Anyone seeking a party political broadcast on behalf of the Blues had better look elsewhere.
The time has long gone when even early-season optimism can be mustered, or feigned.
"Here we go again" was the sentiment that came bobbing to the surface as coach Pat Lam dallied over who would wear the No10 jersey this year.
The opening Super salvos are just days away and, as the story is relayed, Lam's choice at first five-eighths was made for Saturday's round one match against the Crusaders because Luke McAlister is injured, leaving Stephen Brett as the No10 still standing.
Competition for places will extend to this pivotal position, we are told.
Will the Blues ever learn?
Since Carlos Spencer's departure, many moons ago, there has been a passing parade of No10s, and not a title to savour, or even close.
The first five-eighths in any team is the equivalent of American football's quarter-back, the playmaster around whom almost everything revolves. Having the same bloke there every week not only helps his confidence and operating ability, but means teammates have better instincts for what is going on.
On the other hand, desperate men - like players unsure of their position - do dangerously desperate things, something Brett and McAlister are capable enough of doing anyway.
In the battle of the flakes, I'd go with Brett, on the basis that he was schooled at the Crusaders and had the job last year.
If the choice is McAlister, so be it, and let this prodigal son get on with the job of running the team.
As for the vague suggestion that All Blacks selectors are pushing McAlister's case because he could be the latest back-up option for Daniel Carter, this should make Auckland fans cry with frustration.
Auckland needs one master, and not the old schoolmaster. This was once the city of strident, pig-headed rugby coaches and players. Auckland pushed everybody else around. Their teams were run from within, and ruled the rugby world.
ALL HOPE TO ALI
Hopefully, Ali Williams will make a successful comeback. The Blues lock was a rarity among tight forwards, a maverick, a ball runner, a character on the field.
At his best, he may have been the best lock in world rugby. The odds are against him, sadly, after such a long layoff and serious leg injuries.
The walls continue to close in on Tiger Woods, who was fined for spitting on a green in Dubai. The man who could do no wrong can now do no right. Forget about Tiger's long stretch without a major, because he is struggling in regular tournaments these days.
A sanctimonious world has helped bring the philanderer down. This is starting to play like a Shakespearean tragedy. For a decade or so, Woods turned golf into a one-man show, based around his attempt to overhaul the Jack Nicklaus record of 18 victories in majors.
Woods felt invincible in a society that delights in trampling on private lives. That was his mistake. If Woods fails in his obsessive pursuit of golfing history he may struggle to ever find a happy ending.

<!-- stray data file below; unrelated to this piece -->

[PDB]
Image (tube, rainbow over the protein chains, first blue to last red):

A video recommendation: the documentary Thrilla in Manila is as good as sports documentary - or any documentary - gets. Made by Englishman John Dower and released in 2008, Thrilla has just been screened on Prime. It looks at the brutal final meeting between Muhammad Ali and Joe Frazier in 1975, for the heavyweight boxing championship of the world.
Track down a rescreening or a DVD, because a treat awaits. The film even includes the painful sight of Frazier watching a replay of the fight for the first time.
Ali v Frazier is the most famous of sporting rivalries. I spent an hour with Frazier in Auckland a few years ago, a surreal experience where a childhood hero, and one who seemed to come from another planet at the time, sat just a short jab away.
I kept looking at those hands, the ones which were the first to lay Ali low.
Frazier's speech problems made understanding this legendary character difficult. "If you come over, give me a call," I assumed Frazier said at one point, because he ripped off a bit of paper and scrawled down his telephone number and address, a modest room above his Philadelphia gymnasium.
All those blows from Ali had apparently done their worst, though Frazier was also damaged in a car accident. This is about the only weakness in the documentary - Frazier is difficult to understand so subtitles should have been used.
But his meaning almost always gets through - including his insistence that the now-trembling Ali, who treated Frazier shockingly in a one-sided verbal joust, is still paying at the hands of Frazier for his sins.
One of the stars of this show is Ali's physician, Ferdie Pacheco, not a shy man nor prone to self-doubts, the sort of character to make any documentary-maker jump for joy. His assessments are as blunt as a George Foreman knock-out blow. I'll try to match him by stating this is by far the best sports documentary I have seen.